I have reached my limit on Bacon. Not bacon, but Bacon. The desserts, the coffins, and festivals (where chefs have bacon shipped in and then trendify it) — all of it. The part that it is meant to commemorate, bacon, is all but eliminated and, in its place, gluttony has been substituted. When I see bacon on a menu item, it is simple to distinguish whether it is added to create balance and harmony or to advance and encourage gluttony. Not that gluttony doesn’t have any place at the table, there will always be special meals where indulgences occur, but the pride associated with the excess is what has gotten so deeply under my skin.
I hear your thoughts, “Isn’t this a blog about bacon? Hell, it is in the title.” Well, it is in the title, but it has not been about bacon for some time and as time passes, it will be even less about it. Bacon will still be made and I will still let you know if I uncover a particularly interesting or great slice. In fact, I have had this bacon from an amazing breed of pig for over a month and have been reluctant to post about it for the simple reason that I am sick about hearing about Bacon (capital B) and did not want to add to the detritus.
Møsefund Farms breeds a specific type of pig, the Mangalitsa, that is famous for their wooly hair and luscious marbling of fat that comes from their lineage from wild boars and lard pigs that are genetically connected to the famous pata negra. According the their website, “the Mangalitsa at Møsefund are free range, raised outside all year, with access to fresh water, feed and run-in shelters. They graze on chicory, clover, and varieties of local nuts, and finished on a barley mixture for a minimum of 60 days. This diet gives their fat an amazing quality and consistency — high in monsatuarated fat, but low in polyunsaturated fat.” The care that goes into raising these hogs is shown very well in a video located here.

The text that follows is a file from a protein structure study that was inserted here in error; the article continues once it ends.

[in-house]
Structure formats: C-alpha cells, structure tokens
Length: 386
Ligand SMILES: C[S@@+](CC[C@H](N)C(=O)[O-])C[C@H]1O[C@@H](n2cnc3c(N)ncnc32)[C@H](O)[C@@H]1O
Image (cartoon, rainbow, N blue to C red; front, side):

Just looking at the packages, it is clear that eating more than a slice here or there would clearly venture into gluttonous territory and that if I let out screams of joy like I heard upon entering Baconfest 2011, I would be both hypocritical and hypertensive, so I cooked up just a slice for me and for a fellow taster.
The bacon is made to showcase the Mangalitsa. This is not Benton’s where the smoke and salt create something altogether different from anything else that I have tasted, but rather, the smoke and salt simply provide elevation to the spectacular pork. The fattiness is visually arresting, and two slices offload a quarter cup of mangalitsa fat into the pan, but it really comes into play with the amazing texture. The pork flavor was equally strong. I would bet that this pork, while delicious as bacon, would really set itself apart in the long curing arena where it would be safe from dessert, coffins, and other silly trends that shift the focus from deliciousness to something unrelated to flavor.